By Andrew Cohen
For most law students, winter break offers a welcome chance to relax. But for 10 Berkeley Law students, it meant a trip to Mexico to provide pro bono help to members of the migrant caravan seeking asylum in the United States.
Supervised by a legal services nonprofit, Deborah Choi ’20, Monica Ramsy ’19, Isaac Flegel-Mishlove ’21, Lee Ann Felder-Heim ’21, Sophie Allaert LL.M. ’19, and Oscar Sarabia Roman ’21 worked in Tijuana from December 18-23. Kiki Tapiero ’20, Amanda Miller ’20, Ying Jiang LL.M. ’19, and Maddie Boyd ’19 followed from December 28-January 4.
The students were drawn to Mexico after thousands of Central American migrants and refugees arrived last month in Tijuana, just south of California, hoping to gain asylum into the United States. The migrants’ prospects dimmed with the December 20 announcement by the U.S. and Mexican governments that they must wait in Mexico while their cases are reviewed—a process that routinely lasts more than a year.
Berkeley Law’s Pro Bono Program sponsored the trips after students approached Director Deborah Schlosberg.
“This trip originated out of student interest,” Schlosberg says. “We felt like this work was a response to a humanitarian emergency, and we wanted to support our students in doing the work.”
Students helped put on know-your-rights training and legal orientation workshops, and also provided direct legal services and conducted client intakes.
Miller helped spread the word about the need for volunteers at the border, and Tapiero, co-leader of the Berkeley Immigration Group, emailed members to gauge interest.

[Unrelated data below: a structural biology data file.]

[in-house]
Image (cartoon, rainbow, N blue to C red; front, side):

“This trip was a priority for me because I didn’t just want to be a bystander to the humanitarian crisis happening at the border,” Tapiero says. “When Amanda emailed me informally about a call for volunteers, I did everything I could to make the trip a reality and to involve other students who might also be interested.”
A call to action
For students, their time in Mexico reinforced the importance of engaging with urgent issues outside an academic bubble—and countering the notion that law students need to take a hiatus from community involvement.
Having worked for several years in migration justice before enrolling at Berkeley Law, Flegel-Mishlove says “it felt particularly frustrating during the first semester to watch the developing human rights catastrophe along the border from afar, and not be able to give any support.”
Students noted that the privilege of receiving a top legal education carries with it a responsibility to use their training to address social injustices.
“I’m deeply appreciative of the student leaders who poured their time and energy into putting the trip together, and right in the middle of finals,” Flegel-Mishlove says. “I also appreciate Berkeley Law’s Pro Bono Program for enthusiastically supporting and financially backing this immense student effort.”
The caravan traveled from Honduras through Guatemala and Mexico to Tijuana, prompting President Trump to send thousands of troops to the border. But the group has since dwindled in size. Many have returned to Central America or settled in Mexico, which issued humanitarian visas to about 3,000 people.
Now, amid the ongoing U.S. government shutdown over the border-wall funding dispute, a new wave of Central Americans is traveling to the border. The group reportedly includes many families with children and children traveling without parents.
For many of the Berkeley Law students involved, seeing the border crisis first-hand resonated in powerful ways. Now back at school, Tapiero is working to raise funds and find other ways to support the organization with whom the students worked.
“This issue is especially personal to me because my father is an immigrant, and many of my experiences growing up with other immigrant families have motivated me to want to become an immigration lawyer,” she says.